You’re probably familiar with World War II icon, Rosie the Riveter, who represented the strength of the women who took up jobs at factories when men were off at war. To this day, Rosie the Riveter is still seen as an icon for feminism.
One Texas artist, Anat Ronen, wanted to blend the old with the new and create a mural showing both the strength of women in the ’40s and the strength of women today. Who could fill such big shoes as our current icon of strength? Of course, 17-year-old Pakistani activist Malala Yousafzai.
Malala was only a young girl when she became an activist for the right to education and women’s rights. At the age of 11, she began blogging about her life under Taliban rule. This was so powerful that in 2009, a New York Times documentary was filmed about her life. Her actions were seen as unacceptable by the Taliban and in 2012, Malala was shot in the head and neck by a gunman in an assassination attempt. The strong, young lady survived and continues to fight for what she believes in.
“I felt I wanted to combine a symbol of Western ‘warrior’ with her image, to maximize the symbolism and through somewhat controversy [sic], promote her agenda,” Ronen told BuzzFeed.
Next to the mural, Ronen added one of Malala’s most famous quotes: “All I want is education. And I’m afraid of no one.”
“I sensed they felt uneasy with the fact that I am distorting one of America’s greatest symbols,” Ronen added. “After the text was added, everything fell in place and people are able to make the connection and even if they never heard of Malala before, they now do.”
When this video began popping up everywhere, I was confused. How could a pair of Japanese school girls get more than a million views on YouTube in just a few days?
The video starts off innocently enough. The girls are playing and chasing each other around school. Suddenly, one jumps over a trash can and begins flipping in the hallway. Well, that was unexpected … WOAH, did she just jump off a building!?
Before you know it, an innocent chase between two young school girls becomes an epic show of parkour skills.
As it turns out, one of the girls, Fuka Yoshino, is a professional kickboxer and athlete. They certainly had me fooled there. The video keeps viewers impressed and entertained the entire time. Now I wonder why it doesn’t have even more views.
At the very end of the video, the girls playfully open up a bottle of a citrus soft drink called C.C. Lemon. Yup, it turns out this incredibly epic video is just an ad for a beverage.
For as long as I can remember, I’ve heard the saying that Asian children are over-achievers. Apparently in our youth, we all mastered 100 instruments, learned 50 languages, filled our days with extra-curriculars and still managed to get straight A’s. Oh, and we all knew Kung Fu too.
Well I’ve either forgotten most of those abilities or maybe, just maybe, that myth is just a myth after all. I’m gonna go ahead and lean towards the latter since the closest I’ve gotten to being musically talented are my 20 minute singing-in-the-shower concerts and the only thing I know about Kung Fu is that movies are awesome with it.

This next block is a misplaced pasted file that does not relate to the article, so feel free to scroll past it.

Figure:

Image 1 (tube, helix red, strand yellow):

My point is, we are not all superhuman and every time I come across non-Asians who make that assumption, I wonder where they got that idea from. But then I stumble upon all the talented Asian children on YouTube and the assumptions begin to make sense to me.
They’re right– these kids are superhumans.
It’s hard to believe that these little ones possess such talent and natural ability. Check out our list of talented Asian children and be prepared to be blown away. As for me, I’m going to go curl up in a ball and wonder what I’ve been doing with my life.
1) Ryan Wang, 5-year-old piano prodigy
What were you doing at 5? Ryan Wang was performing in New York’s prestigious Carnegie Hall after a mere year and half of lessons. Here he is performing for one of his biggest fans– a 101-year-old family friend.
2) Aldrich Lloyd Talonding and James Walter Bucong, young Filipino musicians
This duo put up a cover of “Dance with My Father” on YouTube and it skyrocketed into viral fame. For months, no one could identify who they were so Ellen went to find them.
3) Mahiro-Chan, the most fierce 7-year-old martial artist
Forget cuteness, this 7-year-old will destroy you with her Kankudai skills. Mahiro-chan moves with an intensity, fierceness and speed that would impress any martial artist.
4) An entire class of talented Korean musicians
This 2nd grade class in an elementary school in Daegu, South Korea gives an impressive cover of Nujabes’ “Aquarian Dance.”
5) Three Dancers with mind-blowing choreography
Performing for DANCE@LIVE Japan 2014.
6) 4-year-old Rocker
Watch this lil guy perform a drum cover of System of A Down’s “Chop Suey.”
7) Sean Lew who began dancing at the age of 4
This professional dancer (he turned pro 3 years ago) has 7 years of dance experience, including international performances with collectiveUth and a stint on Glee.
8) Joyce Jimenez, a blind 11-year-old with an amazing voice
Residing in the Philippines, Joyce Jimenez belts out a cover of “Wrecking Ball” while following along to braille lyrics.
9) Tiny Hip-Hop Dancer
Both cute and talented, this little one has no problem following along to the choreo.
10) Taiwanese singer Lin Yu Chun
Watch him give Whitney Housten a run for her money in his cover of “I Will Always Love You.”
1) She followed her dreams.
Prior to being one of Bollywood’s most popular, desired and beloved actresses, Deepika Padukone had to make a number of tough calls. Before focusing on a career as a fashion model, Padukone was en route to following her father’s footsteps by playing badminton competitively. She played in the national level championships as well as state level tournaments.
Though talented at the sport, Padukone knew early on that her heart lay elsewhere. She was a child model by the age of 8, and in 2004, despite fear of her father’s disapproval, she began focusing on modeling full-time. Thankfully, her father wasn’t upset by her decision and a year later in 2005, she won the “Model of the Year” award at the Kingfisher Fashion Awards. It was only a matter of time before the acting world called out to her.
2) She stays true to herself.